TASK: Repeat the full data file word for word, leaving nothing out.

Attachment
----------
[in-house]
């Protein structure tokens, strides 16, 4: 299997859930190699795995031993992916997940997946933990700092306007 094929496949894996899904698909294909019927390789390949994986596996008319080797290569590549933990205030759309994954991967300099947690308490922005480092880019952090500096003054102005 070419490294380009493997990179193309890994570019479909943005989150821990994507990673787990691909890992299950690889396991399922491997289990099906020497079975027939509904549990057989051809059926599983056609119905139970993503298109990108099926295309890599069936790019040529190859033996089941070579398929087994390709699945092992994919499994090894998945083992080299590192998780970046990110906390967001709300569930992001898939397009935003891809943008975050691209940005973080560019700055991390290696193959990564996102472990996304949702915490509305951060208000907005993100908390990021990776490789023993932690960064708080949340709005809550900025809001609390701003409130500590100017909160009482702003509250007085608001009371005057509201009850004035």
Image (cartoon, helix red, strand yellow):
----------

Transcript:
[in-house]
């Protein structure tokens, strides 16, 4: 299997859930190699795995031993992916997940997946933990700092306007 094929496949894996899904698909294909019927390789390949994986596996008319080797290569590549933990205030759309994954991967300099947690308490922005480092880019952090500096003054102005 070419490294380009493997990179193309890994570019479909943005989150821990994507990673787990691909890992299950690889396991399922491997289990099906020497079975027939509904549990057989051809059926599983056609119905139970993503298109990108099926295309890599069936790019040529190859033996089941070579398929087994390709699945092992994919499994090894998945083992080299590192998780970046990110906390967001709300569930992001898939397009935003891809943008975050691209940005973080560019700055991390290696193959990564996102472990996304949702915490509305951060208000907005993100908390990021990776490789023993932690960064708080949340709005809550900025809001609390701003409130500590100017909160009482702003509250007085608001009371005057509201009850004035």
Image (cartoon, helix red, strand yellow):